Medics do mental health research
Medicine is a scientific discipline. Entry to medical school follows on from early interest in science and progression through the speciality training curriculum demands an understanding of research and its impacts. All of our major advances and treatments have arisen from clinical research and the way you interact with patients and the treatment choices you consider are all drawn from a research evidence base.
There are as many routes in research as there are pathways though medicine. For some this may involve funded research and a PhD, for others it maybe a smaller project looking into a clinical question that you don’t have a ready answer to. Whatever your stage or situation opportunities are available to support you in engaging in research which will help you to develop your practice.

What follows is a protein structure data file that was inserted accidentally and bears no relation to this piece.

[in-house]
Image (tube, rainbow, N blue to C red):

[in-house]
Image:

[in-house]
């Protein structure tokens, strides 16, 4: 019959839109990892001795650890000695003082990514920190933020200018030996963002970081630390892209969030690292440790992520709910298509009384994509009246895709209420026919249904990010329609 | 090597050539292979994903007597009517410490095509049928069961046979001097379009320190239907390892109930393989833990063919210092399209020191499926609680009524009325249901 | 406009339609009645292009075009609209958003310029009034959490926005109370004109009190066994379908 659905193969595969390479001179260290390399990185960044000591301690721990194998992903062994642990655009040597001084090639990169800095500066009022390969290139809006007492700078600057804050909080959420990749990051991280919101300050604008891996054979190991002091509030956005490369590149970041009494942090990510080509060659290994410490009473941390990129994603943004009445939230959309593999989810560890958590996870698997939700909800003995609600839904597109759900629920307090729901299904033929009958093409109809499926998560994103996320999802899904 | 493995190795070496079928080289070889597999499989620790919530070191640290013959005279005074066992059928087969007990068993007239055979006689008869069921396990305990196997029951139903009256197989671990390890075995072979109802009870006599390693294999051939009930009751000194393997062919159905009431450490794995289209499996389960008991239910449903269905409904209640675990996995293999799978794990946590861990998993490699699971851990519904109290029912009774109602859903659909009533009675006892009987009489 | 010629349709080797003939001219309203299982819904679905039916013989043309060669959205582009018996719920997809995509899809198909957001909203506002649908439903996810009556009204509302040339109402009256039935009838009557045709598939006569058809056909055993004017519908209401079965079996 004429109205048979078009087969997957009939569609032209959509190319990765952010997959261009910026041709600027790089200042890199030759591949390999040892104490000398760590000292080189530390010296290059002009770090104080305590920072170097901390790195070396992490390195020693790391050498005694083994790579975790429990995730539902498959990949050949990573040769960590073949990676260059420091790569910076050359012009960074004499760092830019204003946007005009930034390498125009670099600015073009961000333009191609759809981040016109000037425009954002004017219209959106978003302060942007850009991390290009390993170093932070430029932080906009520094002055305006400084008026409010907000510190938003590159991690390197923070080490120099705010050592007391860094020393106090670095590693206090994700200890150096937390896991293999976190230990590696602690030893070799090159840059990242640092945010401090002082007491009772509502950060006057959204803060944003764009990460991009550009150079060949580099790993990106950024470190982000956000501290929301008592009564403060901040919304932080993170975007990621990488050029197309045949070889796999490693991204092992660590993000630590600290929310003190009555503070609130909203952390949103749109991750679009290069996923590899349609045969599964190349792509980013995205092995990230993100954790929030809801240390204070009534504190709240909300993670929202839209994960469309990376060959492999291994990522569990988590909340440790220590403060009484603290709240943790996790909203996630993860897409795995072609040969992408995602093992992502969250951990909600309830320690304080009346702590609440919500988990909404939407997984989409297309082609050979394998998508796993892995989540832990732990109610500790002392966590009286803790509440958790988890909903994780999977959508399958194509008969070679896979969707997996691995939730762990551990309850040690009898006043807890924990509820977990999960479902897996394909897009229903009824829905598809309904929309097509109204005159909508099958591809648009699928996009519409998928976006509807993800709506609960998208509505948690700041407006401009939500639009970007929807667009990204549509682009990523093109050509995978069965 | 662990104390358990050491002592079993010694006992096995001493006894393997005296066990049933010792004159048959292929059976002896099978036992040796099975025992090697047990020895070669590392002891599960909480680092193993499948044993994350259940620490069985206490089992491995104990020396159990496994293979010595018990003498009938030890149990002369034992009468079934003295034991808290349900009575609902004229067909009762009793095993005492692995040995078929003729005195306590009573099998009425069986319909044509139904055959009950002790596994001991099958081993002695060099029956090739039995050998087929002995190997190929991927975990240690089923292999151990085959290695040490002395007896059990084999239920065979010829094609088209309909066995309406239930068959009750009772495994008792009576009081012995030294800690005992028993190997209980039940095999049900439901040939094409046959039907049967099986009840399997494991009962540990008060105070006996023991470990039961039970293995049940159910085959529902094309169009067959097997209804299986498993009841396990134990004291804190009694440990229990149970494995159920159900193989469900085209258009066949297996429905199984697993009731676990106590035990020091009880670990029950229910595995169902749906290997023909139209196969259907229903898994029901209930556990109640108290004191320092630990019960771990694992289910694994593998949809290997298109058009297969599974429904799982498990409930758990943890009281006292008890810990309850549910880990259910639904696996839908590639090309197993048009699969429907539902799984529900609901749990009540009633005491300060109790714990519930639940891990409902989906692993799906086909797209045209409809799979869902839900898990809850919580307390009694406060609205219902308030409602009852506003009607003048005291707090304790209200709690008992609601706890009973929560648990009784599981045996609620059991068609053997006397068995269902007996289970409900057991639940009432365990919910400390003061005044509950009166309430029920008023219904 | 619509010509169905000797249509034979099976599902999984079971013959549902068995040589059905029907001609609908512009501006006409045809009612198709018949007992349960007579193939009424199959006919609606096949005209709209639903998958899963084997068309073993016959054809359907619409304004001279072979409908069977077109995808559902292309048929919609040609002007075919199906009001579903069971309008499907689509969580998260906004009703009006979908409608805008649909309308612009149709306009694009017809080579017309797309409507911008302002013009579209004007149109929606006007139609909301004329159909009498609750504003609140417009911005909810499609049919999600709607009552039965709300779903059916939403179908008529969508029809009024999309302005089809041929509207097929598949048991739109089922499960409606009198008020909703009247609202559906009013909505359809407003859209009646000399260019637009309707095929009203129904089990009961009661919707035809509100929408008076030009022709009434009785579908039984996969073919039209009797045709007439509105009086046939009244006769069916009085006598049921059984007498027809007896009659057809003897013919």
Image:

5 REASONS WHY MEDICS MAKE GOOD RESEARCHERS
- We bring together different perspectives: biological, psychological and social.
- We can consider how brain mechanisms, neurotransmitters may influence mental health presentations.
- We are experts in psychopharmacology as practiced clinically and are ideally placed to research benefits and risks of pharmacological interventions.
- We are able to explore the etiology of metal health problems using a biopsychosocial framework.
- We are trained in medicine and understand the links between physical and mental ill-health.
TAKE THE NEXT STEP
CASE STUDIES OF MEDIC RESEARCHERS
“Knowing that your research has influenced how patients are treated – it doesn’t get better than that.”
Professor Louise Howard, Psychiatrist